Two days later, on the final date for new bills to be introduced during the 2019 session,[v] California Senator Hannah-Beth Jackson introduced Senate Bill 561, which would implement the AG’s policy recommendations on all of the above:
- Private right of action: The CCPA currently provides private plaintiffs the right to sue only in the event of a data breach that exposes “nonencrypted or nonredacted personal information” due to the defendant’s failure to maintain reasonable security procedures.[vi]B. 561 would expand this right to permit suits for violation of any other consumer rights under the CCPA.[vii] Not only would the bill permit recovery of actual damages, but this change would allow plaintiffs to recover statutory damages (ranging from $100-$750) for a violation of any of the CCPA’s provisions. As experience with the federal Telephone Consumer Protection Act has shown, statutory damages can yield tremendous liabilities and incentivize zealous class-action enforcement.[viii]
- AG guidance: At present under the CCPA, “[a]ny business or third party may seek the opinion of the Attorney General for guidance on how to comply with” with CCPA. As Ms. Schesser’s testimony noted, this obligation could be costly, and would arguably create a conflict of interest with the AG’s obligation to enforce the law.[ix]B. 561 would instead provide only that the AG may (but, implicitly, is not required to) publish general materials on compliance.[x]
- Cure period: As noted above, the CCPA’s main enforcement mechanism includes a mandatory thirty-day period for notified businesses to cure their alleged violations before the AG may commence an action.[xi] The new bill would eliminate this requirement, thus allowing the AG to institute an enforcement action without a prior warning.[xii] (The proposed amendment would leave in place the separate thirty-day cure period (for curable violations) required for private plaintiffs seeking statutory damages). Statutory fines (not more than $2500 for violations generally, or not more than $7500 for intentional violations) would remain unchanged.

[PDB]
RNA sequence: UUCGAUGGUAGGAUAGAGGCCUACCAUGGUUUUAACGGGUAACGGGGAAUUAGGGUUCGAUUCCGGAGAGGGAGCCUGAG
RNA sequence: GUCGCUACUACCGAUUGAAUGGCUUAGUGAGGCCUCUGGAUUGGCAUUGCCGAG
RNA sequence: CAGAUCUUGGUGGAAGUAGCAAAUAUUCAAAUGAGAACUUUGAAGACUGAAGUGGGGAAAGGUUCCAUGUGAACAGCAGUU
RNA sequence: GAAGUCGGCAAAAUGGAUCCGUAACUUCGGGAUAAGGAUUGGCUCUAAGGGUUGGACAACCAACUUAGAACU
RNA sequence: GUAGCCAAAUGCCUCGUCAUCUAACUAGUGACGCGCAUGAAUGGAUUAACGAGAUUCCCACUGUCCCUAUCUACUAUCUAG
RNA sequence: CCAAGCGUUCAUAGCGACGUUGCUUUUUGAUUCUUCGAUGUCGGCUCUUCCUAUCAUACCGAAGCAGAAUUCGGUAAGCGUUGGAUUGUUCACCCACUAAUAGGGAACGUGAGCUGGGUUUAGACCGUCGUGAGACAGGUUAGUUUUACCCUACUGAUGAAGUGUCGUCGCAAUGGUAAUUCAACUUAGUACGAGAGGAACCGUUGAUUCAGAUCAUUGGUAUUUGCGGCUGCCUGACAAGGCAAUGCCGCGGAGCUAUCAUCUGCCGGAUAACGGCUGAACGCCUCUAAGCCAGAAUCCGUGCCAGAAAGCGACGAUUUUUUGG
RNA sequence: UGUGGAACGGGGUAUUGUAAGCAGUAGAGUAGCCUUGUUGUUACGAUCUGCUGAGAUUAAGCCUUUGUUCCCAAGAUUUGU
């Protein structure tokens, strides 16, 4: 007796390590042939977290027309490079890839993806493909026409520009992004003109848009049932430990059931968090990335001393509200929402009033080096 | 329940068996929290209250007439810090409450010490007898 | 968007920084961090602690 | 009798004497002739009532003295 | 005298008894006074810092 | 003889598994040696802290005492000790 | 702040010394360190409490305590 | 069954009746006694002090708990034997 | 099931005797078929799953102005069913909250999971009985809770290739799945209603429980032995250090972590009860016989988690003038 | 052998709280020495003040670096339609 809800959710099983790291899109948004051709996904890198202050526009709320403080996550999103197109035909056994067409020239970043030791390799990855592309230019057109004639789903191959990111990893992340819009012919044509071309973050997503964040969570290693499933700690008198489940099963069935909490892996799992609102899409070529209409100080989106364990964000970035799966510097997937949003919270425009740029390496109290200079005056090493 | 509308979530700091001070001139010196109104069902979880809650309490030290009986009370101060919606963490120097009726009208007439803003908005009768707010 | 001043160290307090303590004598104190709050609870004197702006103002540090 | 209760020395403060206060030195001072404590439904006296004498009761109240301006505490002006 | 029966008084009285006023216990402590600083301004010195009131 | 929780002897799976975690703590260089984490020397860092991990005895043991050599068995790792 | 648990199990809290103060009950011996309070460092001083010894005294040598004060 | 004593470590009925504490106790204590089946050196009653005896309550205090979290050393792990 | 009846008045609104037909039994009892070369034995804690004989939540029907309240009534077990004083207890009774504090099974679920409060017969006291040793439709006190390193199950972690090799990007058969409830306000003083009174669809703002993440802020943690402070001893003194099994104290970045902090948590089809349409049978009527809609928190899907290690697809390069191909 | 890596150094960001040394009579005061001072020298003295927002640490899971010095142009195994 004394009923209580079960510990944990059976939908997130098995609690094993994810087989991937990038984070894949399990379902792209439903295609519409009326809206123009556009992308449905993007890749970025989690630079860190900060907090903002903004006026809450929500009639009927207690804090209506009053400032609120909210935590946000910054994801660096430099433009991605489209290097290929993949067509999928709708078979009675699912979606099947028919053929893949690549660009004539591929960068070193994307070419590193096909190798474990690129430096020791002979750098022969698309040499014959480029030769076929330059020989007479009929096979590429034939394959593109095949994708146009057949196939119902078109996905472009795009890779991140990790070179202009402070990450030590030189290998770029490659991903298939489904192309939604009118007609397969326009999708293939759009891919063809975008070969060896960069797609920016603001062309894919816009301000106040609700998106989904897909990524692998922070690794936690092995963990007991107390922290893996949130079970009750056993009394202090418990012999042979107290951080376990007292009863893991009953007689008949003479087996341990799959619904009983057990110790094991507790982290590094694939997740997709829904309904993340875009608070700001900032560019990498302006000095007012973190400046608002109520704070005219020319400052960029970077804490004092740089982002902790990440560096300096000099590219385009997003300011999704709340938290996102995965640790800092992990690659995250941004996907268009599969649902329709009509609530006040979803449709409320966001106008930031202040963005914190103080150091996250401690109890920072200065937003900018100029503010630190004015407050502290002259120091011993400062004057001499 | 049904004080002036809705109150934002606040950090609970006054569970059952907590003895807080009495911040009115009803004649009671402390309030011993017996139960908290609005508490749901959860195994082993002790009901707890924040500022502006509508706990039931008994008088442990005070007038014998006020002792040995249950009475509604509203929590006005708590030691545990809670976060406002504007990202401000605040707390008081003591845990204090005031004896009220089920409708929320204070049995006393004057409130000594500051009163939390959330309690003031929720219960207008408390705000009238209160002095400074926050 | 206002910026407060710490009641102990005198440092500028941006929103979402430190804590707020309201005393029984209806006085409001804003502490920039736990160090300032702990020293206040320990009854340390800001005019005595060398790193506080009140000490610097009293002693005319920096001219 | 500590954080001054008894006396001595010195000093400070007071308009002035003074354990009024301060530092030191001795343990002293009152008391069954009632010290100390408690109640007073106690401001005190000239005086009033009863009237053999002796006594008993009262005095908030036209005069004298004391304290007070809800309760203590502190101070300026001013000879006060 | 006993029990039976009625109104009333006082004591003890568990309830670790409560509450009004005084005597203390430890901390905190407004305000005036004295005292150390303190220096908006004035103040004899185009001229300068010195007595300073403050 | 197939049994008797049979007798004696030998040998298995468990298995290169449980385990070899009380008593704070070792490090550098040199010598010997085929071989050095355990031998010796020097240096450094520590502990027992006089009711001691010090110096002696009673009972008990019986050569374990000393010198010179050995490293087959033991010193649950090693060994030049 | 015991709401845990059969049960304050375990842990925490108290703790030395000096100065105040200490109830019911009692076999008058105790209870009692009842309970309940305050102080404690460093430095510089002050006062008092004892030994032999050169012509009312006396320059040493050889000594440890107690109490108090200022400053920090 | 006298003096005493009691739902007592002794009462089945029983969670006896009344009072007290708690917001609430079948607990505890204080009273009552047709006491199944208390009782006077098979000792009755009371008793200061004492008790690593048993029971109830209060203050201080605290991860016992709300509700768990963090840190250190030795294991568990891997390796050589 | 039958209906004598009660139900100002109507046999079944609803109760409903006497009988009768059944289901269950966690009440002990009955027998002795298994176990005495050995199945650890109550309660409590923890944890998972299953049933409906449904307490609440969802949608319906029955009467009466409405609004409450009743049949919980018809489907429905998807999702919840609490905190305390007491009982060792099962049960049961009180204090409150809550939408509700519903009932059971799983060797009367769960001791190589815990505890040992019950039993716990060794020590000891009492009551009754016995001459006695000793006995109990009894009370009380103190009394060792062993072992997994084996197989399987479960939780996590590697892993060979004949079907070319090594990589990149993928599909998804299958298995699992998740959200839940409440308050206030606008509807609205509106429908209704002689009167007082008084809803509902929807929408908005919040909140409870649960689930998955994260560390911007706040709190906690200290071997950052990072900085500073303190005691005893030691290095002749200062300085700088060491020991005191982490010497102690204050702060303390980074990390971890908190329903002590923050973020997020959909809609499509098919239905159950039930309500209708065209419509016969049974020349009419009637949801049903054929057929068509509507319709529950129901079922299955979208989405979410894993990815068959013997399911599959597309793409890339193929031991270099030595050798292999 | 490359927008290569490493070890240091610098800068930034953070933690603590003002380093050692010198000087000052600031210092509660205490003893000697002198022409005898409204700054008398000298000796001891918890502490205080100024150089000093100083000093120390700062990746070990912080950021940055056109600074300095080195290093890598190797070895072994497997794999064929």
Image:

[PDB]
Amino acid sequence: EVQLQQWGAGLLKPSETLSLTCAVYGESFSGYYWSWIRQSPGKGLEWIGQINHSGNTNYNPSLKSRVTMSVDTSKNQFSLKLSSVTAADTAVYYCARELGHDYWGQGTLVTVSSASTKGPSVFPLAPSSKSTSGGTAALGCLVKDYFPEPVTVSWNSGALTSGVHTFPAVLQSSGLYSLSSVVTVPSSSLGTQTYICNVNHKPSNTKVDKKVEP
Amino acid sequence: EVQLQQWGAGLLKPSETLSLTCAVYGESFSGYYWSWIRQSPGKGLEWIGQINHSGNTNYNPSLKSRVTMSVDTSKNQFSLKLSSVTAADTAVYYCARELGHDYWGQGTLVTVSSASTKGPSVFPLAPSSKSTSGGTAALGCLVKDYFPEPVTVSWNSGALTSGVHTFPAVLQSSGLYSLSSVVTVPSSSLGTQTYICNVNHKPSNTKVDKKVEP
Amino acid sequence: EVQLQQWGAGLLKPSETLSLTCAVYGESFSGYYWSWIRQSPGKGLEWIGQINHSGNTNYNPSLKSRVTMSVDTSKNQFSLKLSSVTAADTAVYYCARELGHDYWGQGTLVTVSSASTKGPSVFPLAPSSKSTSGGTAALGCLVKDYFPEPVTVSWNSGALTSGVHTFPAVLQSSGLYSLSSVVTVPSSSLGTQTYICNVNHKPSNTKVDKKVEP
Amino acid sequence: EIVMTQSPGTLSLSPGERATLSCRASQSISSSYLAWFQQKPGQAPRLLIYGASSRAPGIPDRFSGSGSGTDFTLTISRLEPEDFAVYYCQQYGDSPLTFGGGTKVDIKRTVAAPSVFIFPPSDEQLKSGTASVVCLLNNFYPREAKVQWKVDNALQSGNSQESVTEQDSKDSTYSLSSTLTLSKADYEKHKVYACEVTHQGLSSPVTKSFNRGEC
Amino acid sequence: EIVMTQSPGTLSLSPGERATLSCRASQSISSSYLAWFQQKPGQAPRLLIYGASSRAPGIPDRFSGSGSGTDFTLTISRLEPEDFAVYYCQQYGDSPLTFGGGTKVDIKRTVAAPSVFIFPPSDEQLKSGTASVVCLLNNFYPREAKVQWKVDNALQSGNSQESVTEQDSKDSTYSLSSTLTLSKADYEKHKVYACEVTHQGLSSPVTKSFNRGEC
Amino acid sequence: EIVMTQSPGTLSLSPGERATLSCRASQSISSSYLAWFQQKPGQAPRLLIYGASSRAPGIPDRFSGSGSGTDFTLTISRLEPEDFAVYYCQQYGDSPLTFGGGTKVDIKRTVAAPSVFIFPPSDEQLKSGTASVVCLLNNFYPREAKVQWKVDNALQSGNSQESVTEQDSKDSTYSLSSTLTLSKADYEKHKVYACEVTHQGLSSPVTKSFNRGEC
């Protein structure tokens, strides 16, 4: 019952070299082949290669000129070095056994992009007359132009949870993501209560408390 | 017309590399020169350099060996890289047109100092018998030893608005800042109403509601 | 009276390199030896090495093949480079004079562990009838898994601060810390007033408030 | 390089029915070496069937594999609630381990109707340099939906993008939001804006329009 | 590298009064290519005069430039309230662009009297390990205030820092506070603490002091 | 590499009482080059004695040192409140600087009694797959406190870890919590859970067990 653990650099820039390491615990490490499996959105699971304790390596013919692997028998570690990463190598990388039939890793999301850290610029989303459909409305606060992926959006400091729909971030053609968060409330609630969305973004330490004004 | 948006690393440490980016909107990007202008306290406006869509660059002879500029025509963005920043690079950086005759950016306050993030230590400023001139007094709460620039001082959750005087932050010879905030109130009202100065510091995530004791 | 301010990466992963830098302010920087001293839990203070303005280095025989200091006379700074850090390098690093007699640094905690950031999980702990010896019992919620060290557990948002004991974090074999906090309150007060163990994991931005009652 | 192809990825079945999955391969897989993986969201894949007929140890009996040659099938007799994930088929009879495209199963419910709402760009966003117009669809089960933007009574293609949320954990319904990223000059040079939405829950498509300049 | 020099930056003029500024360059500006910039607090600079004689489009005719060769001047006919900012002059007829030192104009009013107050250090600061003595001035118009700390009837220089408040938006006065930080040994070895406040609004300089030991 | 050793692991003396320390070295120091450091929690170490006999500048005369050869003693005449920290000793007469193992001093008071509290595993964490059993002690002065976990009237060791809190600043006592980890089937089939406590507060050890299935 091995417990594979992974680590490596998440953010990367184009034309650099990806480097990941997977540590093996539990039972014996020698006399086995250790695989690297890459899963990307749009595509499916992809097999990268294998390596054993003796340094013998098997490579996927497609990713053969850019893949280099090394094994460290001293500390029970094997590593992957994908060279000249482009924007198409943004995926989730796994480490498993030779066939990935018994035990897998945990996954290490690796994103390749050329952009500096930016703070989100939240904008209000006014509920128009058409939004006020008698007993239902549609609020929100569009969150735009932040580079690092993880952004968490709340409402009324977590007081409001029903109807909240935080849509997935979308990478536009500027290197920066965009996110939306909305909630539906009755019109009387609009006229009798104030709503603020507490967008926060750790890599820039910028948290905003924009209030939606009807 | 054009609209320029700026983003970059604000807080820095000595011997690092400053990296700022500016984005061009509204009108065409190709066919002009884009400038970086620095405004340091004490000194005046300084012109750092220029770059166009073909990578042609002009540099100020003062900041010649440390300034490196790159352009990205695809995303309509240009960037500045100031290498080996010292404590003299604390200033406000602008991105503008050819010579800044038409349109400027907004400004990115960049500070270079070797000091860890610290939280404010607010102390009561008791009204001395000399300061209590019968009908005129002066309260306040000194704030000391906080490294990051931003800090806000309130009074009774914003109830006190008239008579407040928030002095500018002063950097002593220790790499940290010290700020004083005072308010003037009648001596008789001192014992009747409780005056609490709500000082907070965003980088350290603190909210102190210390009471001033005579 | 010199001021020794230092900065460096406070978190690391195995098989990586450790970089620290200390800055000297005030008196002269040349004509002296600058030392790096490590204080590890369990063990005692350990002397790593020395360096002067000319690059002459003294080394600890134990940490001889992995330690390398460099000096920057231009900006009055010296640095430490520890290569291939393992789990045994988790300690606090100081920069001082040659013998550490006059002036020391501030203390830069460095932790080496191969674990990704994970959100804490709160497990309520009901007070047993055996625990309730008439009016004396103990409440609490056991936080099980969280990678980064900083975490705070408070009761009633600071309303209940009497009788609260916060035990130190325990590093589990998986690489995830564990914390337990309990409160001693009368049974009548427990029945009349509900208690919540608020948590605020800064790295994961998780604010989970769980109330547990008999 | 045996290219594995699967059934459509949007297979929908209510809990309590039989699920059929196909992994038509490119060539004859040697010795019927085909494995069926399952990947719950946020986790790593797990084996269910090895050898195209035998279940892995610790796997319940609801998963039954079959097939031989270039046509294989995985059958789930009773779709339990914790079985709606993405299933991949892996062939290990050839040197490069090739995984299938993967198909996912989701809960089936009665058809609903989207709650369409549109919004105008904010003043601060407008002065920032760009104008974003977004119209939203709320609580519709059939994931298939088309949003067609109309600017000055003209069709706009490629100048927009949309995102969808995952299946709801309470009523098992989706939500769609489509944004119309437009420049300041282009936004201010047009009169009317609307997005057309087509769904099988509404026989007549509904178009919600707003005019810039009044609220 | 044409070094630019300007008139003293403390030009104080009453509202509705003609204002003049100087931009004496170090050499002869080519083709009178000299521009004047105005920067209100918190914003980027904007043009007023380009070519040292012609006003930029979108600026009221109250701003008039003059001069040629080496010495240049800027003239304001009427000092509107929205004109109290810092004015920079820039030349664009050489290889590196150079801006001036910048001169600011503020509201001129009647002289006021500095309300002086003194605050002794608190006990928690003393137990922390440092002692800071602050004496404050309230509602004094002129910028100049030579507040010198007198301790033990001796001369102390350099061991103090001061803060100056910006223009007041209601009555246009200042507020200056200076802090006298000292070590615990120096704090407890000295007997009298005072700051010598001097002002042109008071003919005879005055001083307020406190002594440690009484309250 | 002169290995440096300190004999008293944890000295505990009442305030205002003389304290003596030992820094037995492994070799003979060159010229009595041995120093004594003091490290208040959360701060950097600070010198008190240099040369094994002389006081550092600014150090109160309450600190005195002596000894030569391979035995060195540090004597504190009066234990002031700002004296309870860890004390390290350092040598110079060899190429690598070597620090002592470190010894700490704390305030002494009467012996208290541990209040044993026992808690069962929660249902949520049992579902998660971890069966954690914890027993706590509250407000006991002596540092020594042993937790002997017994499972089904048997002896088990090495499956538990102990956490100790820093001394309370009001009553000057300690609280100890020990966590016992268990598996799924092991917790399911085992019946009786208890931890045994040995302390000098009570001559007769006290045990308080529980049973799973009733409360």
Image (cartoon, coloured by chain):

While the AG’s rules are likely to clarify some areas of the CCPA, the proposed amendments set forth in S.B. 561 reflect the AG’s reluctance to act as the principal enforcer of California consumers’ rights under the new law. If passed, these amendments would raise the stakes for noncompliance for companies and reduce or eliminate protections designed to help companies ensure compliance with the law.
[i] Cal. Civ. Code § 1798.40(c).
[iii] See Cal. Civ. Code § 1798.155(a).
[iv] See id. § 1798.155(c).
[v] California State Assembly, 2019 Legislative Deadlines (Oct. 31, 2018) available at https://www.assembly.ca.gov/legislativedeadlines.
[vi] See Cal. Civ. Code § 1798.150(a).
[vii] S.B. 561 § 1.
[viii] See, e.g., “Pharma and Medical Device Class Actions: Three Trends to Watch,” Dec. 20, 2018, available at https://www.kslaw.com/news-and-insights/pharma-and-medical-device-class-actions-three-trends-to-watch.
[ix] See also Letter from Attorney General Xavier Becerra to Assemblymember Ed Chau and Sen. Robert M. Hertzberg, dated Aug. 22, 2018 (arguing that the guidance provision would require “legal counsel at taxpayers’ expense to all inquiring businesses” and could create a conflict of interest).
[x] S.B. 561 § 2.
[xi] Cal. Civ. Code § 1798.155(b).
[xii] S.B. 561 § 2; see Cal. Civ. Code § 1798.150(b).